Young and Hungry

When Do D.C.’s Farmers Markets Open?

photo3Get your tote bags ready: Farmers market season is here again. The Foggy Bottom, Penn Quarter, and Mount Pleasant markets started last week, and the market by the White House will be up and running tomorrow. Check out the schedules for other District markets below, listed in order of opening date:

Dupont Circle

20th Street NW (PNC Bank parking lot) 

Open year-round, Sundays, 8:30 a.m to 1:30 p.m.

Eastern Market

225 Seventh St. SE

Open year-round, Tuesdays, 3 to 7 p.m.; Saturdays, 7 a.m. to 6 p.m.; Sundays, 9 a.m to 5 p.m.

Foggy Bottom

23rd and I  streets NW walkway

Opened April 1, Wednesdays, 3 to 7 p.m.

Penn Quarter

8th Street NW between D and E streets NW

Opened April 2, Thursdays, 3 to 7 p.m.

Mount Pleasant

3200 Mt Pleasant St. NW (between Park Road and Lamont Street)

Opened April 4, Saturdays, 9 a.m. to 1 p.m.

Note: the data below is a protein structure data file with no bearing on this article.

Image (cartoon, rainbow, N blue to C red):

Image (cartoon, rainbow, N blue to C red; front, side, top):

By the White House

Vermont Avenue NW between H and I streets NW

Opens April 9, Thursdays, 11 a.m. to 2 p.m. Read more When Do D.C.’s Farmers Markets Open?

Last Night’s Leftovers: Chick-fil-A Alternatives Edition

wtfLocal restaurants offer alternatives to Chick-fil-A. [Post]

Where to eat after you check out the cherry blossoms [Washingtonian]

Film about Edward Snowden shoots scene at Tryst. [Reliable Source]

D.C.'s cat cafe raises more than $35,000 on Kickstarter. [Eater]

Taylor Gourmet has a new spring menu. [PoPville]

Pho "is one of the greatest scams of all time." [Pinkies Out]

Photo of the Chick Chick at WTF by Darrow Montgomery

“Pop-Up Megaplex” Prequel Opens a Bakery This Week, Bar Coming Soon